Kenya’s losing presidential candidate, Raila Odinga has dismissed the August 9 election result as “null and void” and said Kenya’s democracy faces a long-running legal crisis.
Vice President William Ruto was officially declared the winner by a narrow margin on Monday.
However, Odinga’s first comments on the result came shortly after four of the seven election commissioners said they stood by their decision the day before to reject the presidential election result, saying the final count process had been “opaque”.
Odinga, who is seeking the presidency for a record fifth time, stated at a news conference on Tuesday that he believed the results issued by Electoral Commission President Wafula Chebukati were invalid and should be reversed in court.
He argued that what we saw on Monday was a travesty and a clear disregard for Kenyan law and the constitution.
Chebukati on Monday declared current vice president William Ruto the winner with 50.49 percent of the vote to Odinga’s 48.5 percent.
Minutes earlier, Independent Elections and Borders Commission (IEBC) vice president Juliana Cherera told media elsewhere that she and three other commissioners had denied the results.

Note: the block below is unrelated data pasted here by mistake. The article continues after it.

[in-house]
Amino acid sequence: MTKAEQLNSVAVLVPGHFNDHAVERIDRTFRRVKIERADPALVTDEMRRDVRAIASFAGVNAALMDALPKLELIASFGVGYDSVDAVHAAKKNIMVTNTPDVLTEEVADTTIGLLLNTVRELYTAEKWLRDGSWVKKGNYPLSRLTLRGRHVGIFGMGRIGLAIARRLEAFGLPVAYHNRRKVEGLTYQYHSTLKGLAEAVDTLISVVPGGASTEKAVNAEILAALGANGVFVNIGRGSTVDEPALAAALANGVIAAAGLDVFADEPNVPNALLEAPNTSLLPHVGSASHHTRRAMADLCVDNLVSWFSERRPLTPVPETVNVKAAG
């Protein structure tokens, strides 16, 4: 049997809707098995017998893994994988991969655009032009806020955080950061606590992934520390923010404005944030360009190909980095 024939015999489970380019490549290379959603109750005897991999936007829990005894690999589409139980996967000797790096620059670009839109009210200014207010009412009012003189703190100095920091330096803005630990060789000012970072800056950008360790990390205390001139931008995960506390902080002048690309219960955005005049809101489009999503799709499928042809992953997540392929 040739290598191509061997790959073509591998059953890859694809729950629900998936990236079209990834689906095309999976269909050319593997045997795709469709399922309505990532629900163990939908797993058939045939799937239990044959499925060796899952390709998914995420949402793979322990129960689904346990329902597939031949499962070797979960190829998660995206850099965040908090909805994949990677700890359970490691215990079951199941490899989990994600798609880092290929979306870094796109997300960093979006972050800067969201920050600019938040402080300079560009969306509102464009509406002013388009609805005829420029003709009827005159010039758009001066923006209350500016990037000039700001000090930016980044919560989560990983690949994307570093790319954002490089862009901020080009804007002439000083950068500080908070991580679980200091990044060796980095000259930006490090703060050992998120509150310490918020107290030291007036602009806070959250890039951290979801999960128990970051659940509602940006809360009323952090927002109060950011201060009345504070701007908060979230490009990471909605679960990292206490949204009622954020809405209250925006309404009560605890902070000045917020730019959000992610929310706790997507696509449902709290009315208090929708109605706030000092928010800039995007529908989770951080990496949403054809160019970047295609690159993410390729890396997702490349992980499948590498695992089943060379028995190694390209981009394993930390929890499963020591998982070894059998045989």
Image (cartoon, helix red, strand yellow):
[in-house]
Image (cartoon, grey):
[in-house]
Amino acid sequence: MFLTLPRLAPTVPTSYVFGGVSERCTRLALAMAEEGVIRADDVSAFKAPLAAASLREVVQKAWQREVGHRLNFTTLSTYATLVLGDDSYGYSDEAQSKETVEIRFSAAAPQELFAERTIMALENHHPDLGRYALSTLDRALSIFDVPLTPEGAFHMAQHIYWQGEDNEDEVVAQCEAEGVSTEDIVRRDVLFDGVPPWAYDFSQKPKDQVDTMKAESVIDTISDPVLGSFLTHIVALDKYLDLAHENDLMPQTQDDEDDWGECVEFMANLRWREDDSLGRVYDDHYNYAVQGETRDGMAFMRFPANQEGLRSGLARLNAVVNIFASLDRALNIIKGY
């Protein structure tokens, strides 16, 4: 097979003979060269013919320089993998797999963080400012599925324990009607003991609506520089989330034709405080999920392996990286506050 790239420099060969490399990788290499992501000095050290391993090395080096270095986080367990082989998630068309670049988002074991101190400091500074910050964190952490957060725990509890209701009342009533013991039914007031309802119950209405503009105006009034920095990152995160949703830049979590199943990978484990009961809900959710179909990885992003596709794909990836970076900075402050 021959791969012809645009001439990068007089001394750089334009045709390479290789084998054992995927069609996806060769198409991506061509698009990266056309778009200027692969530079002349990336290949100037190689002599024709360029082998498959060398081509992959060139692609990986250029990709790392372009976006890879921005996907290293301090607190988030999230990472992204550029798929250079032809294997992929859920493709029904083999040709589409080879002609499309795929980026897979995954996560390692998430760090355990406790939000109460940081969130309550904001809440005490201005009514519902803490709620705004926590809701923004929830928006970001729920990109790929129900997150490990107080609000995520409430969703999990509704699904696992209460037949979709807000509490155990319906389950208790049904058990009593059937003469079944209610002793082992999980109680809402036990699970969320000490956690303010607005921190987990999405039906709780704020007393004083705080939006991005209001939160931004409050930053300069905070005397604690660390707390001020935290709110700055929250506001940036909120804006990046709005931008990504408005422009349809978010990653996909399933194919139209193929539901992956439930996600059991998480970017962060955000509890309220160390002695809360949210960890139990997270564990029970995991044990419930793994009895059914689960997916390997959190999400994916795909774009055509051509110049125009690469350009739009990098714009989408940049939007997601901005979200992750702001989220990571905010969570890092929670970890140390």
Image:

Cherera said the results, which gave Ruto a minimal win, were incorrectly aggregated and accused Chebukati of ignoring her questions about the final record.
Odinga broadcasted the dissident commissioners’ press conference at his own venue before taking the stage.
Bobby Mkangi, a constitutional lawyer, said that if the Supreme Court overturns Chebukati’s ruling, Kenya will face new elections in 60 days, adding that the president-elect would be sworn in within seven days.
He told Al Jazeera that the court process is likely to prevent unrest in the country and violence in the streets.
“The required procedures from the 2007 violence’s lessons were incorporated into the new constitution, according to Mkangi.”
“We have a robust and more independent judiciary. This is the third time the Supreme Court has considered such a petition,” he also said.
Kenya’s deadliest electoral violence came after the 2007 election, when more than 1,100 people died in bloodshed between rival tribes.
In August 2017, the Supreme Court annulled the election after Odinga rejected Kenyatta’s electoral victory. Sadly, dozens of people were killed by police during the post-election protests.